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Head Injury Attorneys in Louisville, Kentucky

An injury sustained at work can result not only in physical pain and suffering but also in lost income due to time off for treatment and recovery. In the more extreme cases, it can also threaten a person’s ability to work going forward, maybe temporarily or perhaps permanently.  

An injury to the head in particular can pose serious challenges. While a common injury, concussions have the potential to develop into something much worse—like a traumatic brain injury (TBI), which can prove not only debilitating but also fatal in some cases. The National Football League (NFL) had so many problems with concussions and resulting TBIs that it faced numerous lawsuits and eventually had to establish a fund for players who faced the severe consequences of TBIs.  

A head or brain injury can result from accidents in any workplace. An employee can slip and fall due to a faulty stairway or a floor surface that is wet or obstructed while the employee is unaware of the danger. Construction sites are also very prone to such injuries, as people have to work at heights and in precarious situations. They can be struck by moving objects or fall from up high, hitting their head and suffering concussions and other brain damage.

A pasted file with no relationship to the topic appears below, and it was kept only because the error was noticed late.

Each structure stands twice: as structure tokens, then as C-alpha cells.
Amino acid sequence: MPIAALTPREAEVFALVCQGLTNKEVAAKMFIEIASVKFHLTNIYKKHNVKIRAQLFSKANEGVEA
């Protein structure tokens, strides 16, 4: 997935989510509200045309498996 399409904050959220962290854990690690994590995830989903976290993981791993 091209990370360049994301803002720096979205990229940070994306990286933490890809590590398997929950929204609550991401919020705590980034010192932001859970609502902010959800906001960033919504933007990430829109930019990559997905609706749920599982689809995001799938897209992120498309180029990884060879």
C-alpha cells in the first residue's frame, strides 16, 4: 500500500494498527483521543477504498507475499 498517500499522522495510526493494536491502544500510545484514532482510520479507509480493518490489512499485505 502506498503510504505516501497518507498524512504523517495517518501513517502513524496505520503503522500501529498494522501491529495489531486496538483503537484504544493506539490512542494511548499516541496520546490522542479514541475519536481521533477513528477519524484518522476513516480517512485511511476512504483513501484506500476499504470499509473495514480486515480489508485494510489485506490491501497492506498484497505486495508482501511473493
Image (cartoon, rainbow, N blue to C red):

Accidents at work are covered by workers’ compensation insurance, but filing a claim can be daunting. You need to be prepared to provide sufficient medical and other evidence to justify your claim. 

If you or a loved one has suffered a head or brain injury at work in or around Louisville, Kentucky, contact the husband-wife legal team at Slechter Law Firm, PLLC. They can help you prepare for and file your workers’ compensation claim, or to challenge any adverse decision you face from the insurer. The firm offers personalized service one-on-one with an attorney, and you won’t be shuffled off to deal with a paralegal. The Slechter Law Firm, PLLC also proudly serves clients in Lexington and throughout the Commonwealth of Kentucky. 

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Common Work Head Injuries and Their Causes

Any employment site can lead to head injuries. Depending on the nature of the business, head, and brain injuries can result from being hit by moving objects, slipping and falling, or even by being struck by a vehicle. A stockroom worker can be injured when a carton or box on a shelf jiggles loose and falls. Slippery or obstructed floor surfaces in any work environment can also lead to falls and resulting head injuries.  

To get into the specifics, falls are the leading cause of head injuries—both at work and in general. Falls result in some 800,000 hospitalizations each year, most for head injuries and hip fractures.  

As mentioned earlier, construction sites are particularly prone to accidents that result in head injuries. A scaffolding can collapse or a worker can suffer a blow to the head from falling objects such as parts or tools dropped from on high. A jitney can strike an unaware worker, who falls to the ground and hits their head.